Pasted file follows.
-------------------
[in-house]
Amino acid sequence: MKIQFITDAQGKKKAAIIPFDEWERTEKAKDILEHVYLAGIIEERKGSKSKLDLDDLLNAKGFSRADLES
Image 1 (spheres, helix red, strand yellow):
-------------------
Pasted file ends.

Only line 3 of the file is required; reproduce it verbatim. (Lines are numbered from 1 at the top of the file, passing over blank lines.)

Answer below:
Image 1 (spheres, helix red, strand yellow):